“The sound of horses galloping flooded the theatres; sounds that could be traced as moving from the sides into the theatre screens, and the audience realised that they were part of something magical; something of epic proportions.”, the first time I heard about Padayottam was from my father, as he was lauding about the movie when he saw a clip from it on YouTube. Seems he saw the movie twice at Thrissur Ragam Theatre (Now Georgettan’s Ragam), one of the four theatres where the movie was released in 70mm along with 6 track audio and was floored by what he experienced there.
He talked animatedly and could recall dialogues like “Kaikal Viraykkunno Kammara…” & “Nomaanu Aarekkat Ambaadi Thambaan”, made iconic by Nazir’s legendary delivery. Seeing my father bubble with nostalgia, I grew curious to know what was so great about Padayottam and why it was a technical milestone. So I set about watching and then researching this awesome movie.
The story of the movie is inspired by, The Count of Monte Cristo by Alexandre Dumas, the story of an innocent man wrongly, but deliberately imprisoned and his brilliant strategy to seek revenge against those who wronged him. Heartening to see due credits given in the opening credits. But the screenplay by N Govindan Kutty ensures that the story is adapted to a Malayali audience keeping in mind the ‘Brahmaanda Chalachitram’ aspect and ensures space for visual spectacles.
The opening credits, with coloured negatives of Kalaripayattu and thumping background scores sets you up for something epic to come. The opening shots are of two men galloping across the screen and the 6 track starts playing its tricks with your mind; the sound seemingly travelling across the screen. You are introduced to the likes of Prince Udayan, played by Prem Nazir along with his brother from another mother Moithootty, played by Sathar (had it been shot today, multiple slo-mo shots of the hero riding the horse, riding across the horizon ending with a stylistic takedown of the enemy army).
Padayottam is the story of Prince Udayan, the successor to the Kolathiri kingdom, who is betrayed by his cousin Devan and is forced to go into exile. Years later Udayan returns to Kolathiri to take his revenge in the guise Aarekkat Ambadi Thamban.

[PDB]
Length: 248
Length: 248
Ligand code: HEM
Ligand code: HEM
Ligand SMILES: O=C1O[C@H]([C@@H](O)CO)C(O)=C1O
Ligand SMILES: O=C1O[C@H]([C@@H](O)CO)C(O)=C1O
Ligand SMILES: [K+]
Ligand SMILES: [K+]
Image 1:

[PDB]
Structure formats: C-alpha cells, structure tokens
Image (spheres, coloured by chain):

- Prem Nazir’s performance as the vengeful hero is considered to be one of his best, put in the leagues of Iruttinte Athmavu and such, winning him critical and audience acclaim.
- The movie also featured cast from the producer’s earlier industry hit, Manjil Virinja Pookkal with Shankar, Mohanlal, Poornima Jayaram in important roles. One Superstar played the son of the other in the movie (You Know Who)
- Iconic scenes in the sea, showing ships and pirates were a rarity in Malayalam movies and added to the wow factor.
- Iconic Malampuzha, Kava location with several scenes enacted with 1000+ junior artists, huge sets and spectacular dance sequences.
- The scene post-interval shows the return of Udayanan as Aarekkatt Ambadi Thamban shows a floating fort in the water floating towards the Kolathiri Desam shot using a helicopter! A fucking fort, guys!
- The alter-ego Aarekkat Ambadi Thamban and his Chinese Feng Shui inspired palace interiors and costumes (don’t miss the dragon on the wall).
- Iconic dance sequence on the floating fort at night, with dancers dressed up as black and white chess pieces and lyrics symbolising the carefully laid out plans/ traps by Thambaan.